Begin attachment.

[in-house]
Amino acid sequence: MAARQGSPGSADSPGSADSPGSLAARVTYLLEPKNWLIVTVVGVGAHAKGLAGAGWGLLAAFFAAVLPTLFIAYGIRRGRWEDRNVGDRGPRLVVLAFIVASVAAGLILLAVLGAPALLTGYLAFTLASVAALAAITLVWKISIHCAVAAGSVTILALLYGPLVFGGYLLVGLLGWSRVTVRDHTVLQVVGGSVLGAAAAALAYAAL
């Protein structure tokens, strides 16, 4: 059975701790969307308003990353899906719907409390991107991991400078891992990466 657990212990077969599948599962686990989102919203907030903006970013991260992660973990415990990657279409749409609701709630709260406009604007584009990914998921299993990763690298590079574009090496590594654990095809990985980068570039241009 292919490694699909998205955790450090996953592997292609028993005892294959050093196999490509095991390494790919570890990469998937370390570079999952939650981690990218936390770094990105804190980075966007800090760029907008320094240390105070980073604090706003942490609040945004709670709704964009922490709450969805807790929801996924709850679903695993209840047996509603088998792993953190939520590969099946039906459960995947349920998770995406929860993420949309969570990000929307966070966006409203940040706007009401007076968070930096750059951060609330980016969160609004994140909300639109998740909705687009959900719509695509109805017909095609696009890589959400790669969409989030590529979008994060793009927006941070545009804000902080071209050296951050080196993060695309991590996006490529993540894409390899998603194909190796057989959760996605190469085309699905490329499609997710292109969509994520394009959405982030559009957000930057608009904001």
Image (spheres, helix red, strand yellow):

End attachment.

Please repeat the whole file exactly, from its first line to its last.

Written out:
[in-house]
Amino acid sequence: MAARQGSPGSADSPGSADSPGSLAARVTYLLEPKNWLIVTVVGVGAHAKGLAGAGWGLLAAFFAAVLPTLFIAYGIRRGRWEDRNVGDRGPRLVVLAFIVASVAAGLILLAVLGAPALLTGYLAFTLASVAALAAITLVWKISIHCAVAAGSVTILALLYGPLVFGGYLLVGLLGWSRVTVRDHTVLQVVGGSVLGAAAAALAYAAL
């Protein structure tokens, strides 16, 4: 059975701790969307308003990353899906719907409390991107991991400078891992990466 657990212990077969599948599962686990989102919203907030903006970013991260992660973990415990990657279409749409609701709630709260406009604007584009990914998921299993990763690298590079574009090496590594654990095809990985980068570039241009 292919490694699909998205955790450090996953592997292609028993005892294959050093196999490509095991390494790919570890990469998937370390570079999952939650981690990218936390770094990105804190980075966007800090760029907008320094240390105070980073604090706003942490609040945004709670709704964009922490709450969805807790929801996924709850679903695993209840047996509603088998792993953190939520590969099946039906459960995947349920998770995406929860993420949309969570990000929307966070966006409203940040706007009401007076968070930096750059951060609330980016969160609004994140909300639109998740909705687009959900719509695509109805017909095609696009890589959400790669969409989030590529979008994060793009927006941070545009804000902080071209050296951050080196993060695309991590996006490529993540894409390899998603194909190796057989959760996605190469085309699905490329499609997710292109969509994520394009959405982030559009957000930057608009904001």
Image (spheres, helix red, strand yellow):